None.

The writing is on the wall. Our cultural economy is over, its rapid decline presided over by people who have no clue what they’re doing.  

Shanghai Symphony Orchestra: first out of the traps

In years to come, the pictures capturing the Shanghai Symphony Orchestra’s first concert in front of a live audience will be something of an oddity.

The mask-clad safely-distant attendees will point to a time when things were odd. The pictures will either act as a signpost for when things in the classical music world took a dramatic change of direction, or they’ll act as a trigger for memories of a dark time when the thing we love reminded us how much we had taken it for granted.

Right now, images from that concert (live-streamed and seen by an audience of 2 million) offer a sense of hope: this will come to an end and classical music and opera will start on its road to live performance. It’s also a reminder of the amount of time its likely to take. The gig staged at the Shanghai Symphony Orchestra’s Symphony Hall was the first concert given to audience since lockdown began – that’s 110 days.

Just last week it was announced that cinemas, libraries, theatres and museums in China were permitted to reopen. That’s nearly four months wait, and even then its to a limited audience. That is how long this is all going to take.

On 23 May the Shanghai Symphony will hold its first concert with a larger ensemble and a conductor – 30-40 musicians playing works by Bartok, Barber and Piazzolla.

As with the marketing dividend of sharing free content during lockdown, so there will be opportunities to exploit being the first ensemble or arts organisation to stage a concert. Those who catch the moment right and anticipate the audience will secure the prize (such as it is). And at some point when social distancing is no longer a requirement, so too the return to live performance as we remember it.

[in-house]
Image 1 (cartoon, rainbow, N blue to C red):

For now, a moment in history. The first people emerging into the sunlight. Nice work, Shanghai Symphony.

Pay it forward to St John’s Smith Square and give 500 free tickets to NHS staff

St John’s Smith Square are a nimble bunch. At least they always seem to be. They respond to the community that surrounds them, reach out to the people who visit them. They appeal to people’s good nature and generous pocket with a firm handshake and a warm smile.

I say that with certainty. That’s partly because of the people I know who work for them: generous of spirit themselves. The warmest of arts administrators. Salt of the earth types.

One such person – senior, important, knowledgable, well-loved – sought out my hand and shook it when we passed at an event a year or so ago. To be clear: I’m a nobody. At least that’s what I think of myself. The people who make things actually happen are the people with the contacts and the budgets. They’re the important people.